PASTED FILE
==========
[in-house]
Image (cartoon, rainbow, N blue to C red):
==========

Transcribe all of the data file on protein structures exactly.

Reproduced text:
[in-house]
Image (cartoon, rainbow, N blue to C red):